Temperature levels in the reactor are controlled by the flow of oxidizer with oxidizer flow rates being increased for higher thermal loads. The upper temperature limit of the reactor is given by the upper limit of the immiscible liquid range. As noted before, it is preferable to operate the reactor near the low temperature limit of the immiscible liquid range so that only small quantities of unreacted fuel pass through the reactor.
The requirement that the product-rich liquid be maintained as a liquid could be satisfied by heating and insulating the lower part of the reactor as shown in FIG. 1. In this instance, the load heat exchanger 21 only contacts the zone adjacent to the alkali, metal-rich liquid. The exceptional heat transfer characteristics of the molten alkali metals should allow relatively compact heat exchanger design in these instances. If the requirement that the product-rich material remains a liquid in the trap and exhaust line is met, it is possible for the load heat exchanger 21 to extend over the trap area of the reactor.
In cases where the alkali metal is reacted with a halogenated gas or liquid, as opposed to a pure halogen, other minor product materials are also formed. For example, the system lithium-sulfur hexafluoride yields lithium sulfide as a product in addition to the main lithium fluoride product material. In this case, the lithium sulfide is sufficiently soluble in the fluoride in the immiscible liquid regime so that it can be removed as a component of the product liquid. In many other cases, minor product compounds are sufficiently soluble in the major halogen product so that they flow out of the reactor as a component of the product liquid.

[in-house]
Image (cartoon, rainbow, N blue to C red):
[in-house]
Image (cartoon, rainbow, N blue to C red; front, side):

Rather than allow the reaction products 31 and product-rich liquid to merely accumulate in storage tanks such as tanks 29, the storage tank 29 may be heated by an electrical coil 35. The immiscibility of the reaction products 31 in the product-rich liquid will cause them to settle to the bottom of tank 29, while the metal fuel 15 will rise to the top. The fuel can be pumped from tanks 29 by pump 35 back to the fuel tank 16 via transfer line 37. Such an arrangement prolongs the usefulness of storage tank 29 by continuously transfering unreacted fuel back to tank 16.
Proper fuel levels are maintained in the primary fuel storage tank 16 by transfering fuel from the storage tank 29 and other fuel storage tanks (not shown) as required. Both pump 36 and transfer line 37 are covered with electrically heated insulation in order to maintain the fuel in liquid state during transfer. Fuel transfer can be intermittent since varying liquid levels in the pri? mary fuel tank 16 are accomodated by smaller variations of the product-rich liquid levels in the reactor, as discussed above.